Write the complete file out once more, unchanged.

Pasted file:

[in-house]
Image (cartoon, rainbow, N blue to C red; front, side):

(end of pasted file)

[in-house]
Image (cartoon, rainbow, N blue to C red; front, side):